small group of people speaking to the truth about the president of the united states of america. >> let me ask you this. an anonymous vote, a secret ballot of your democratic colleagues in which there were no political ramifications, they were simply voting on whether they thought the president merited impeachment. what is your guess on how many "yes" votes there would be? >> i think the majority of them would, chris. look, i understand that when you're out of power, you're seeking ways to get into power and that's their job, right? that isn't my function. i'm a member of the judiciary committee and so is my colleague mr. cohen and we have a responsibility as members of that judiciary committee to do historically what the judiciary committee has done and that is to process and to follow the law. look, i kind of see the judiciary committee as kind of the grand jury. so we're going to call the witnesses forward. we're going to call the evidence forward and if the evidence and the witnesses are there and the proof is there, we'll send it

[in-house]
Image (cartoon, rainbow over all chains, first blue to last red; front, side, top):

over to the senate for a trial. but i think we have a responsibility to call. think about it, if you see a crime, what have we been taught? if you see something, say something. we said something today. >> congressman luis gutierrez, thank you. >> thank you. coming up, the truly amazing moment when the trump administration comes face-to-face with why their tax plan will not work and we'll play that for you after this quick break. hi, i'm the internet! you know what's difficult? armless bowling. you got this, jimmy! you know what's easy? building your website with godaddy. pick a domain name. choose a design.